Reply by Rune Allnor March 30, 20072007-03-30
On 30 Mar, 14:22, "julius" <juli...@gmail.com> wrote:
> On Mar 30, 6:40 am, "Rune Allnor" <all...@tele.ntnu.no> wrote: > > > Cultural differences is a major issue here. Remember, once Wiener's > > WW II papers were de-classified, the cold war was on. Getting > > access to Russian papers was not at all easy for people in the > > west; crediting the Russians for their contributions was probably > > a very sensitive issue even if the material was known. > > > Thse sorts of things are everywhere, once you start looking for > > them. What I know as Snell's law of ray refractions, the French > > know as Descarte's law. > > > Rune > > Yup. But one can still find papers written in the "West" that > refer to the Wiener-Kolmogorov filter, at least in the 1970s, > so the knowledge of the shared credit is not completely lost.
I haven't seen Wiener's original papers or reports, so I don't know what previous works he cited. The seminal reference on the Remez exchange algorithm is a paper or book by Remez in Russian from the late '50s. In underwater acoustics, no western text comes even remotely close to Brekhovskikh's text from around 1960 (I don't remember now if the text was first published in 1960, or if the English translation became available in 1960). Don't get me wrog, very useful material *did* seep through the Iron Courtain. Rune
Reply by julius March 30, 20072007-03-30
On Mar 30, 6:40 am, "Rune Allnor" <all...@tele.ntnu.no> wrote:

> Cultural differences is a major issue here. Remember, once Wiener's > WW II papers were de-classified, the cold war was on. Getting > access to Russian papers was not at all easy for people in the > west; crediting the Russians for their contributions was probably > a very sensitive issue even if the material was known. > > Thse sorts of things are everywhere, once you start looking for > them. What I know as Snell's law of ray refractions, the French > know as Descarte's law. > > Rune
Yup. But one can still find papers written in the "West" that refer to the Wiener-Kolmogorov filter, at least in the 1970s, so the knowledge of the shared credit is not completely lost. I have not followed Kolmogorov's work on this, so I don't know whether there's a discrepancy between how far Wiener (and his descendants) and Kolmogorov (and his descendants) have pushed this theme. Unfortunately just like in any other area in life, following-up with your product is also important :^). Julius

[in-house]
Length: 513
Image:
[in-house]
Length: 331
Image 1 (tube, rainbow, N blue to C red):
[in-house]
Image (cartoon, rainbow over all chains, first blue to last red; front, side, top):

Reply by Rune Allnor March 30, 20072007-03-30
On 30 Mar, 04:09, gyansor...@gmail.com wrote:
> Linear estimation theory is normally credited to Wiener around 1949 > though he did have a classified report in the war years. Also, > Kolmogorov published the discrete-time version.... > Andrei N. Kolmogorov. Interpolation and extrapolation of stationary > random sequences (in Russian). Izvestiya AN SSSR. Mathematics series, > 5:314, 1941 > > in 1941. Wiener did continuous time. So why talk of Wiener filters? It > should be Kolmogorov-Wiener Filters?
Cultural differences is a major issue here. Remember, once Wiener's WW II papers were de-classified, the cold war was on. Getting access to Russian papers was not at all easy for people in the west; crediting the Russians for their contributions was probably a very sensitive issue even if the material was known. Thse sorts of things are everywhere, once you start looking for them. What I know as Snell's law of ray refractions, the French know as Descarte's law. Rune
Reply by March 29, 20072007-03-29
Linear estimation theory is normally credited to Wiener around 1949
though he did have a classified report in the war years. Also,
Kolmogorov published the discrete-time version....
Andrei N. Kolmogorov. Interpolation and extrapolation of stationary
random sequences (in Russian). Izvestiya AN SSSR. Mathematics series,
5:314, 1941

in 1941. Wiener did continuous time. So why talk of Wiener filters? It
should be Kolmogorov-Wiener Filters?

Wang King